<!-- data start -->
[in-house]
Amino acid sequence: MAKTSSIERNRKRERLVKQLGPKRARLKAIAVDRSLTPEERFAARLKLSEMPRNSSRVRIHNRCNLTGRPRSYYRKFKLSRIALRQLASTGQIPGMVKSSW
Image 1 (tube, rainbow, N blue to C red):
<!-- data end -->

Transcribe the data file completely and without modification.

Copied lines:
[in-house]
Amino acid sequence: MAKTSSIERNRKRERLVKQLGPKRARLKAIAVDRSLTPEERFAARLKLSEMPRNSSRVRIHNRCNLTGRPRSYYRKFKLSRIALRQLASTGQIPGMVKSSW
Image 1 (tube, rainbow, N blue to C red):